Wisconsin Supreme Court wrestles over open meetings law

The Wisconsin Supreme Court wrestled with how broadly to apply the state's open meetings law in a case Wednesday that open government advocates warn could provide a gateway to getting around public access requirements.

The lawsuit was brought by the parent of an Appleton Area School District student who said meetings of a committee charged with reviewing course material for a ninth grade English class should have been open to the public.



Important open meetings case before Wisconsin Supreme Court on Wednesday

The Wisconsin Supreme Court is to hear arguments in a case that could give school boards and other governmental bodies a way around the open meetings law.

The case up for argument Wednesday focuses on whether meetings of a committee created by employees of the Appleton Area School District to review books for use in a ninth grade class should have been open to the public.

More broadly the court will examine whether committees created in the same way that the one in Appleton was brought together allows them to be exempt from the law.


Public Records Cases Among Wisconsin Supreme Court’s Docket for 2016-17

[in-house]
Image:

The Wisconsin Supreme Court recently released a table of 36 pending cases to be decided in the 2016-17 term. More cases will likely be added. A few of the high-profile cases involve open records and public law enforcement officials.

For instance, this week the court will hear oral argument in Democratic Party of Wisconsin v. Wisconsin Department of Justice, a case that began when Wisconsin Attorney General Brad Schimel was the District Attorney for Waukesha County.


Tensions soar in Wisconsin over public records

The Wisconsin Supreme Court on Thursday fought over open-records laws covering unsubstantiated misconduct allegations against public servants.

The case at hand stems from requests by The Lakeland Times newspaper for state records on its communications with Vilas County District Attorney Albert Moustakis and its investigations into his conduct.